Poor health is the most widely cited reason for retiring early, according to a new report.
Merrill Lynch, New York, discloses this finding in a 2013 study, “Americans’ Perspectives on New Retirement Realities and the Longevity Bonus.” Conducted in partnership with Age Wave, the survey polled 6,300 baby boomers ages 45 and older.
Just over a third of the respondents (34 percent) cite personal health issues as a reason for retiring early. The percentage is slightly higher among men (36 percent) than among women (33 percent).
Fewer of those polled attribute early retirement to having sufficient financial resources (27 percent), losing their job (24 percent), wanting to spend more time with family (16 percent) or having to look after a family member (10 percent).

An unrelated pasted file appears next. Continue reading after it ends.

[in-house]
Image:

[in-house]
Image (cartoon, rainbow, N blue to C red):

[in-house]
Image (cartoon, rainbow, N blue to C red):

Health care issues also dominate concerns in the survey among those seeking advice from financial professionals.
Three-quarters of respondents (75 percent) identify “help sorting through health care and long-term care options” as information they view as most valuable beyond core financial advice. Nearly as many (71 percent) point to help “making sense of Social Security or employer pensions.”